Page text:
The pigeon used steam as a propulsive gas and used the action-reaction principle, which was not stated as a law until 17th century. rocket as a weapon. They used bamboo tubes filled with gunpowder and tossed them in fire. Soon, they started experimenting and fgured out a way. They used the bamboo tube filled with gunpowder and attached it to an arrow and discovered that these gunpowder tubes could launch themselves Just by the power produced from the escaping gas. This is how they technology of rocket started. As the time passed by, Newton’s theories and his three laws came into existence.
His laws explained that why rockets are able to work in vacuum as well as in the outer space. Soon after that, gas laws were developed. Charles law stated that, at a onstant pressure, the volume of a fixed mass of any gas is directly proportional to its Kelvin temperature. The concept of hot balloons comes from this principle. As the balloon is heated, the volume of the balloon also increases. Since the volume is increases, the density inside the balloon also increases. The density of the air is more than the density of air that is in the balloon.
This is the reason hot balloons were able to fly back in 17th century. During late 1800s and early 1900s, rockets were mainly used as a weapon to be used in the battles. William Congreve, a British Colonel designed various patterns for ockets to be used in warfare. His rockets were so successful that scientists around the around started experimenting on the rockets. William Hale, an English scientist soon came up with an excellent technique known as spin stabilization. This technique made the gases of the rocket to escape from the bottom, thus making it to spin in a bullet like fashion.
Modern rocketry began in 1898, when a Russian schoolteacher named Konstantin Tsiolkovsky, proposed the idea of space exploration. It was also his suggestion of using liquid propellants in the rockets in order to achieve greater range. Since, Tsiolkovsky was the first person to suggest space exploration and the fact that he came up with other ideas and theories in the work of physics, he is known as the father of modern astronautics. Soon after the concept of propellants was introduced, an American, Robert H. Goddard started conducting practical experiments.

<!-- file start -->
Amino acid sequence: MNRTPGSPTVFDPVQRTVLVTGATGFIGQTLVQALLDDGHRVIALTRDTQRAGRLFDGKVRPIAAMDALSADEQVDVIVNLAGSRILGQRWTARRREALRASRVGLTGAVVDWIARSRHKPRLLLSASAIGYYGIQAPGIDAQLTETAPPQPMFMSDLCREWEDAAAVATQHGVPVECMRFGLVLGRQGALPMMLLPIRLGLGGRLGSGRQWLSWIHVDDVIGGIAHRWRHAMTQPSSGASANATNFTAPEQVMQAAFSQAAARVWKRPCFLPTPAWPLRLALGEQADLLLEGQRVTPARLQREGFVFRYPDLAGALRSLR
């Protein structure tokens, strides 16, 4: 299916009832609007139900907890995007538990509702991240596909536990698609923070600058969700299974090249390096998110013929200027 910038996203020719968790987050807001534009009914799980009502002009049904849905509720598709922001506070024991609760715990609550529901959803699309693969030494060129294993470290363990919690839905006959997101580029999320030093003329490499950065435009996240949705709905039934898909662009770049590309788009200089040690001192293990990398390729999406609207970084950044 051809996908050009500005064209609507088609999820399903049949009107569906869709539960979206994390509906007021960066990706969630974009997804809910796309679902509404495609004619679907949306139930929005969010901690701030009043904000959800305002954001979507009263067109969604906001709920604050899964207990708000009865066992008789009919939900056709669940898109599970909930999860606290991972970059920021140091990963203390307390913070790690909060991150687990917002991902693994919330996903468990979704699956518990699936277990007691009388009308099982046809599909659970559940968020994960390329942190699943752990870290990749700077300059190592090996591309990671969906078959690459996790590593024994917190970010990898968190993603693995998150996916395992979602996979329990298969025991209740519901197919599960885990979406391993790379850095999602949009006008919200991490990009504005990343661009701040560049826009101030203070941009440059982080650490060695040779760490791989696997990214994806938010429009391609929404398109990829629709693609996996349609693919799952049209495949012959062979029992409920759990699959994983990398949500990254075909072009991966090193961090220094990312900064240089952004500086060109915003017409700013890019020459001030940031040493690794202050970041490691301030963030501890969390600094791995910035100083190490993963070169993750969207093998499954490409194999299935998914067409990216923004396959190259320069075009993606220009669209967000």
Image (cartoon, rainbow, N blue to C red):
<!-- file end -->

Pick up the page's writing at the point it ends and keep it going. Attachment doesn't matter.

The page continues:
He started working with the solid- propellant rockets. Sooner he was convinced that liquid-propellant rockets were better than the solid-propellant rockets. But at time constructing liquid-propellant rockets was much harder, since, fuel and oxygen tanks, various gas chambers and urbines were needed. After so many difficulties and hardships, Goddard was finally able to built a liquid-propellant rocket and achieved a height of 12. 5 meters. His rocket was a pioneer in the rocketry field. Due to his magnificent contributions in the field of rocketry, he is known as the father of modern rocketry.
Later on, during the time of Cold war between the two superpower nations, Unites States and Soviet Union, they entered the space fght. Soviet Union was able to put a stop on America by launching the first satellite in the world called “Sputnik” on October 4th, 1957. After a few months, on January 31st 1958, United States launched their own satellite called Explorer l. Around that time, America organized their space program by creating NASA. It became a space agency with the intensions of exploring space for the betterment of humans. ountries. Space exploration became more advanced and rapidly increased after 1980. In 1981, Robert Crippen and John Young rotated around the Earth 36 times in a total of 54 hours. In 1983, Pioneer 10 (USA) crossed the orbit of the outermost planet, Neptune. In 1985, first satellite landed on the surface of a comet. To conclude with, in odays date, rockets are complicated structure that can go far and beyond human imaginations. The technology to build a rocket always existed, it was Just a matter of time when Archytas came up with idea.